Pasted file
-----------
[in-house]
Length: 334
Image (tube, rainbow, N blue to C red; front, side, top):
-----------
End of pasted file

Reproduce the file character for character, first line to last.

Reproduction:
[in-house]
Length: 334
Image (tube, rainbow, N blue to C red; front, side, top):